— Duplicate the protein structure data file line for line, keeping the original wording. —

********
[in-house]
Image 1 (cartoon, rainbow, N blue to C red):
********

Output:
[in-house]
Image 1 (cartoon, rainbow, N blue to C red):